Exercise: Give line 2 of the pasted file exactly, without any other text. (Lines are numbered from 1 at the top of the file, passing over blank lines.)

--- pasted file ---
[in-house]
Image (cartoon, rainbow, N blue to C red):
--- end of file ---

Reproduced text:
Image (cartoon, rainbow, N blue to C red):